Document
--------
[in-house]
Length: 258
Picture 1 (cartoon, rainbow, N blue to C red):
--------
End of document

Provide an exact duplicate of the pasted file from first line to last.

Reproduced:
[in-house]
Length: 258
Picture 1 (cartoon, rainbow, N blue to C red):